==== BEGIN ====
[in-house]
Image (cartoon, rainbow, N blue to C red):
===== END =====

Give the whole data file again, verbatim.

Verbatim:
[in-house]
Image (cartoon, rainbow, N blue to C red):